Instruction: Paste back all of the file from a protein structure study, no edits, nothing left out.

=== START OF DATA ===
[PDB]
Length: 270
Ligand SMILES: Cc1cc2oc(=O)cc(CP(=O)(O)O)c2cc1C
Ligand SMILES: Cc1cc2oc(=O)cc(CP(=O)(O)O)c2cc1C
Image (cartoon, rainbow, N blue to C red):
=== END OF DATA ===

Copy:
[PDB]
Length: 270
Ligand SMILES: Cc1cc2oc(=O)cc(CP(=O)(O)O)c2cc1C
Ligand SMILES: Cc1cc2oc(=O)cc(CP(=O)(O)O)c2cc1C
Image (cartoon, rainbow, N blue to C red):